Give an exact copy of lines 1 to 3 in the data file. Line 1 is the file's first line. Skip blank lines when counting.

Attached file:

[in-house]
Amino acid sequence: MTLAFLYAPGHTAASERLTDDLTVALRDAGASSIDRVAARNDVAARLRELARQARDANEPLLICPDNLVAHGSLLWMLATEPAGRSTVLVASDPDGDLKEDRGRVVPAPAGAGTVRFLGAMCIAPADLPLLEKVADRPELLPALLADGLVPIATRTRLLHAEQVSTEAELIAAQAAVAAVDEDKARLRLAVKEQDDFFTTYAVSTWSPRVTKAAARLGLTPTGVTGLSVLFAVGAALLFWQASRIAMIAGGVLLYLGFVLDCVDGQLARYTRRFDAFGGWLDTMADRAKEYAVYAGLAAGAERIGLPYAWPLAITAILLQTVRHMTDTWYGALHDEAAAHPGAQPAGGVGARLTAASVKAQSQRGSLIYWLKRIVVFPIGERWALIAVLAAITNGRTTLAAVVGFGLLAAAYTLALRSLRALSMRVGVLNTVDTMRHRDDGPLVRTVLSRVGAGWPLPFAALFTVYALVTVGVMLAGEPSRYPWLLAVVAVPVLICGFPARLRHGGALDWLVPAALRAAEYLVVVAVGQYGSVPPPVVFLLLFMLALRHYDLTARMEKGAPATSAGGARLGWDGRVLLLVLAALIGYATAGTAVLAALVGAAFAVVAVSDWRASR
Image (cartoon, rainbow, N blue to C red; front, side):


[in-house]
Amino acid sequence: MTLAFLYAPGHTAASERLTDDLTVALRDAGASSIDRVAARNDVAARLRELARQARDANEPLLICPDNLVAHGSLLWMLATEPAGRSTVLVASDPDGDLKEDRGRVVPAPAGAGTVRFLGAMCIAPADLPLLEKVADRPELLPALLADGLVPIATRTRLLHAEQVSTEAELIAAQAAVAAVDEDKARLRLAVKEQDDFFTTYAVSTWSPRVTKAAARLGLTPTGVTGLSVLFAVGAALLFWQASRIAMIAGGVLLYLGFVLDCVDGQLARYTRRFDAFGGWLDTMADRAKEYAVYAGLAAGAERIGLPYAWPLAITAILLQTVRHMTDTWYGALHDEAAAHPGAQPAGGVGARLTAASVKAQSQRGSLIYWLKRIVVFPIGERWALIAVLAAITNGRTTLAAVVGFGLLAAAYTLALRSLRALSMRVGVLNTVDTMRHRDDGPLVRTVLSRVGAGWPLPFAALFTVYALVTVGVMLAGEPSRYPWLLAVVAVPVLICGFPARLRHGGALDWLVPAALRAAEYLVVVAVGQYGSVPPPVVFLLLFMLALRHYDLTARMEKGAPATSAGGARLGWDGRVLLLVLAALIGYATAGTAVLAALVGAAFAVVAVSDWRASR
Image (cartoon, rainbow, N blue to C red; front, side):